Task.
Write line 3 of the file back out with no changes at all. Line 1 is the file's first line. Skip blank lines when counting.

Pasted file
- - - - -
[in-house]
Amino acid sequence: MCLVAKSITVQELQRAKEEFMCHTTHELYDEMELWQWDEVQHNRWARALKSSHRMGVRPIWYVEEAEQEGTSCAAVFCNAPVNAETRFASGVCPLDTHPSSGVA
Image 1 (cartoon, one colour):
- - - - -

Image 1 (cartoon, one colour):